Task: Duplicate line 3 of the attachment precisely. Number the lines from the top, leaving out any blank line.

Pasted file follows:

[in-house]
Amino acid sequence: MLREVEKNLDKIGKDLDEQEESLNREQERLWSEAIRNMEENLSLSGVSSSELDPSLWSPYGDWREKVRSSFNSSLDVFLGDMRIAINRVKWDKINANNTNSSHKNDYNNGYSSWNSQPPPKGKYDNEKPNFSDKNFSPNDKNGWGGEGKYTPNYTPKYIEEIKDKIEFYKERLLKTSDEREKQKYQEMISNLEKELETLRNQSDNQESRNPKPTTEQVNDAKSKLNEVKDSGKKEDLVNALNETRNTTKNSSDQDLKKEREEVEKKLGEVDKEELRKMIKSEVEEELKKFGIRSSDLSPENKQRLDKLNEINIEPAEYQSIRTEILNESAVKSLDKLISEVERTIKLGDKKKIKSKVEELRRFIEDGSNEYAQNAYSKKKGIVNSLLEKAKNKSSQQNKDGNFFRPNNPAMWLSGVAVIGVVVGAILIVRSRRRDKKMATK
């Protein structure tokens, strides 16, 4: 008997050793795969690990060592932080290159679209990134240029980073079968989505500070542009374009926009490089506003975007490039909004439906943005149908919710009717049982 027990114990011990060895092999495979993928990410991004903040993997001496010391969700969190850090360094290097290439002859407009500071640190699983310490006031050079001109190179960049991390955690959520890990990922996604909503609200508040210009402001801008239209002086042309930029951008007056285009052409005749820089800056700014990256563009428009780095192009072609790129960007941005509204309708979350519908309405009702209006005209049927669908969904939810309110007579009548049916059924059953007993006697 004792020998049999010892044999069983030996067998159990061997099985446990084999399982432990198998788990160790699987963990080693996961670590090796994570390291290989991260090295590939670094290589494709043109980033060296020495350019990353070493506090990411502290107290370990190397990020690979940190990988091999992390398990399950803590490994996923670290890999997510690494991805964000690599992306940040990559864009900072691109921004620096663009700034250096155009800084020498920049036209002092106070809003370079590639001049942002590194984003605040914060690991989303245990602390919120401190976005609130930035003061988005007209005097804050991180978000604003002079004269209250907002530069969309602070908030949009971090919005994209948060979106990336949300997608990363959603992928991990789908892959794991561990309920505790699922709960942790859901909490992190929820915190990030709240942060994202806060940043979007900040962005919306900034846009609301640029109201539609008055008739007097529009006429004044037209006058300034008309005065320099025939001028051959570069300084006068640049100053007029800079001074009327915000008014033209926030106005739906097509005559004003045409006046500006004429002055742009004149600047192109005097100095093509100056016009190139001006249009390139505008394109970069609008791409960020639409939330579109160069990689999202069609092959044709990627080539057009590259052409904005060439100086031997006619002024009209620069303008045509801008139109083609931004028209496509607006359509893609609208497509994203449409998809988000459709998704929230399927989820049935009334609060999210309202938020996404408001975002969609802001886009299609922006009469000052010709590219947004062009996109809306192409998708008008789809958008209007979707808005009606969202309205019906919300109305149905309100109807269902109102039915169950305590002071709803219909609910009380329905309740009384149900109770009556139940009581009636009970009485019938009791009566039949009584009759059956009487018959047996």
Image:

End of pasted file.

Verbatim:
């Protein structure tokens, strides 16, 4: 008997050793795969690990060592932080290159679209990134240029980073079968989505500070542009374009926009490089506003975007490039909004439906943005149908919710009717049982 027990114990011990060895092999495979993928990410991004903040993997001496010391969700969190850090360094290097290439002859407009500071640190699983310490006031050079001109190179960049991390955690959520890990990922996604909503609200508040210009402001801008239209002086042309930029951008007056285009052409005749820089800056700014990256563009428009780095192009072609790129960007941005509204309708979350519908309405009702209006005209049927669908969904939810309110007579009548049916059924059953007993006697 004792020998049999010892044999069983030996067998159990061997099985446990084999399982432990198998788990160790699987963990080693996961670590090796994570390291290989991260090295590939670094290589494709043109980033060296020495350019990353070493506090990411502290107290370990190397990020690979940190990988091999992390398990399950803590490994996923670290890999997510690494991805964000690599992306940040990559864009900072691109921004620096663009700034250096155009800084020498920049036209002092106070809003370079590639001049942002590194984003605040914060690991989303245990602390919120401190976005609130930035003061988005007209005097804050991180978000604003002079004269209250907002530069969309602070908030949009971090919005994209948060979106990336949300997608990363959603992928991990789908892959794991561990309920505790699922709960942790859901909490992190929820915190990030709240942060994202806060940043979007900040962005919306900034846009609301640029109201539609008055008739007097529009006429004044037209006058300034008309005065320099025939001028051959570069300084006068640049100053007029800079001074009327915000008014033209926030106005739906097509005559004003045409006046500006004429002055742009004149600047192109005097100095093509100056016009190139001006249009390139505008394109970069609008791409960020639409939330579109160069990689999202069609092959044709990627080539057009590259052409904005060439100086031997006619002024009209620069303008045509801008139109083609931004028209496509607006359509893609609208497509994203449409998809988000459709998704929230399927989820049935009334609060999210309202938020996404408001975002969609802001886009299609922006009469000052010709590219947004062009996109809306192409998708008008789809958008209007979707808005009606969202309205019906919300109305149905309100109807269902109102039915169950305590002071709803219909609910009380329905309740009384149900109770009556139940009581009636009970009485019938009791009566039949009584009759059956009487018959047996």